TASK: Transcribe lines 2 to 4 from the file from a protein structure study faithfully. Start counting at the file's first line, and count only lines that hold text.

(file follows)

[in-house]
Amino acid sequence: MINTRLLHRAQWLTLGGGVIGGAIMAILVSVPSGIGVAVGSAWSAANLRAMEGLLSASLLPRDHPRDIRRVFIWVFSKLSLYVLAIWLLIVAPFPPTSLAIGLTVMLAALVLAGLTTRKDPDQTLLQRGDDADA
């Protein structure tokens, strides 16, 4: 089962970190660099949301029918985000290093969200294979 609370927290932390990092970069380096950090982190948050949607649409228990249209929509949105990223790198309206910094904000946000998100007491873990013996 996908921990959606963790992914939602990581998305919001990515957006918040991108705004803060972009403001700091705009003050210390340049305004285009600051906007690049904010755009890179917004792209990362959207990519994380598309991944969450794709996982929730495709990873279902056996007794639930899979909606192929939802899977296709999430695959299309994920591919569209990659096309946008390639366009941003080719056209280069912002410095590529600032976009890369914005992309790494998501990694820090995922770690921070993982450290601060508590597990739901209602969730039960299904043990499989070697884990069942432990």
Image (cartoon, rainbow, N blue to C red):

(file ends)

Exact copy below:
Amino acid sequence: MINTRLLHRAQWLTLGGGVIGGAIMAILVSVPSGIGVAVGSAWSAANLRAMEGLLSASLLPRDHPRDIRRVFIWVFSKLSLYVLAIWLLIVAPFPPTSLAIGLTVMLAALVLAGLTTRKDPDQTLLQRGDDADA
């Protein structure tokens, strides 16, 4: 089962970190660099949301029918985000290093969200294979 609370927290932390990092970069380096950090982190948050949607649409228990249209929509949105990223790198309206910094904000946000998100007491873990013996 996908921990959606963790992914939602990581998305919001990515957006918040991108705004803060972009403001700091705009003050210390340049305004285009600051906007690049904010755009890179917004792209990362959207990519994380598309991944969450794709996982929730495709990873279902056996007794639930899979909606192929939802899977296709999430695959299309994920591919569209990659096309946008390639366009941003080719056209280069912002410095590529600032976009890369914005992309790494998501990694820090995922770690921070993982450290601060508590597990739901209602969730039960299904043990499989070697884990069942432990």
Image (cartoon, rainbow, N blue to C red):